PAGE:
Many of us grew up hearing that cannabis causes memory loss. This isn’t always the case.
A study conducted by scientists at the University of Bonn in Germany, which was published in the journal Nature Medicine, discovered that aging mice treated with daily small doses of THC had their cognitive decline reversed.
They performed better on cognitive tasks, such as navigating through a maze.
The researchers found that there might be potential for keeping dementia at bay through the use of marijuana.
“If we can rejuvenate the brain so that everybody gets five to 10 more years without needing extra care, then that is more than we could have imagined,” said study leader Andras Bilkei-Gorzo.
Ironically, the THC had the reverse effect in younger mice; their cognitive abilities were impaired.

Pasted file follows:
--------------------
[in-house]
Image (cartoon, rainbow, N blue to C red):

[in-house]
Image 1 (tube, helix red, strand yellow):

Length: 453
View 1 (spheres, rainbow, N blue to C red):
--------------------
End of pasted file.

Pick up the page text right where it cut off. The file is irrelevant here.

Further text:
In early 2016, researchers at Switzerland’s University of Lausanne conducted a study in which they found a link between years of daily cannabis use and a decline in the short-term memory of middle-aged adults, measured in verbal skills.
During the same year, University College London researchers could find no impact from cannabis on the IQ of young users. There was virtually no difference between the IQs of young cannabis users and non-users. These findings made their way to Science Magazine but didn’t get much mainstream media attention.
Obviously, some of these studies make it to major sources of the media, while others don’t.
In July 2011, Time magazine allowed a guest editorial by Maia Szalavitz on a study that followed 2,000 Australians through their early adulthood and found no difference in cognitive abilities between cannabis users and non-users.
There appears to be a double standard regarding which kind of findings are allowed to make headlines.
Hopefully, research continues to shed more light on the positive aspects of marijuana so that more people may benefit from it, and that these findings make it to the forefront of the major information outlets.